Treatment Centers That Use Holistic, Natural Methods
You will find that there are other treatment centers that use a holistic and natural approach to treating addiction. They aim to address a client’s emotional, spiritual, and physical needs during the recovery process. Massage, meditation, and physical activity are common components in this type of treatment center. There is no use of medication to deal with the effects of withdrawal and abuse.
Rather, a strong support network is present, assisting clients through every phase of treatment, supplying healthy foods and a nurturing environment.

Christian ­Based Drug Treatment Programs
There are many different programs that are Christian­based, often revolving around a particular Christian philosophy. In many cases, these programs are free as well. If you practice in the Christian faith, this may be the program for you. You will find yourself turning to your beliefs and the support of others to help you through this difficult time in your life.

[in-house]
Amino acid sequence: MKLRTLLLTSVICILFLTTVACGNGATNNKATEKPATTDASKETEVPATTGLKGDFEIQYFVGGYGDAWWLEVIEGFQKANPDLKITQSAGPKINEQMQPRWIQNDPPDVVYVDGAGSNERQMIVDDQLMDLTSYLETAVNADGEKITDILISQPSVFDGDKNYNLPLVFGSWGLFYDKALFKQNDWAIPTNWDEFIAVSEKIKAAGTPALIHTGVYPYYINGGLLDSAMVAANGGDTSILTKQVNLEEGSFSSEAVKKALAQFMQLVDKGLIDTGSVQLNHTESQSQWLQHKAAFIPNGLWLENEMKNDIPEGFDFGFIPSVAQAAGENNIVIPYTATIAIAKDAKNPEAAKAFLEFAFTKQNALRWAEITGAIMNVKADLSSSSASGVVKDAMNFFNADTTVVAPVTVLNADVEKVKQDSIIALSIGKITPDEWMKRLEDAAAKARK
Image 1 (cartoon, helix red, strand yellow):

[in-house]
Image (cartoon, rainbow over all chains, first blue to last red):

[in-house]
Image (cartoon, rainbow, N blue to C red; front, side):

Government­ Funded Inpatient Therapy
There are many government­funded inpatient treatment facilities. These are the most common option for those who do not have insurance or have no place else to turn. These facilities usually have a waiting list. If you are desperately in need of treatment, or someone you love simply cannot wait, you will want to look for other alternatives.

Luxury Treatment Centers
For those who have the financial resources, there are many inpatient drug treatment facilities that are actually like luxury resorts, located in a beautiful setting with many amenities. If you are able to take this option, you will feel like you are taking a vacation from your life while dealing with your addiction.